Brandesburton was a large village - in 1851 it contained c.4,500 people. Most of the houses here date from the 19th century. Two pubs from Sarah's time are still open - the Black Swan pub has served the village since the 18th century, and the Dacre Arms was opened in 1823, though was called the Cross Keys until 1872.
Preston
Maria Fay lived in Preston in 1849 with John Scott, and it was here that she stole a skirt from Elizabeth Carter and bottles and cloths from John Fewson - crimes that earned her twelve months in the East Riding house of correction.
Winestead
Winestead is a small and remote village in the south-eastern part of the East Riding, in the low-lying Holderness area. Holderness is an area of clay hills deposited after the last ice-age. The village was the manorial seat of the Hildyard family, whose lineage is said to reach back to the Anglo-Saxon period. The family lived in Winestead Hall, demolished in 1936. Shortly after Maria Fay lived here, a railway joined Winestead to Hull and Withernsea.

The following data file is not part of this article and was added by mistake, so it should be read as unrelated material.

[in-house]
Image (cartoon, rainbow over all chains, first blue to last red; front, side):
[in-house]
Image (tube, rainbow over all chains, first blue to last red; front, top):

Kirkella
Like most of the other villages associated with our featured transportees, Kirkella was largely dependant on agriculture when Maria Fay lived here. However, because of its position in attractive countryside on the lower slopes of the Wolds, only a few miles to the west of Hull, Kirkella, wealthy Hull merchants chose to build large country houses here from the 18th century.
Beverley
Beverley is the county town for the East Riding, and three of our featured convicts were held in gaol and tried in quarter sessions here.

The architectural historian Nicholas Pevsner, who wrote extensively on the historic townscapes of Britain, described Beverley as 'among the finest of England's small country towns'. Much within the town's historic core is relatively unchanged from the period when our convicts were tried in the town. Beverley was an important town in the early middle ages and has two fine churches from this period - the Minster and St Mary's - as well as a medieval town gate. In the 18th century, Beverley was a centre for fashionable life, and had a race-course and assembly rooms; wealthy East Riding residents built town houses here. Many of the buildings which line the streets and two market places are medieval in origin but were given a new façade during these prosperous years.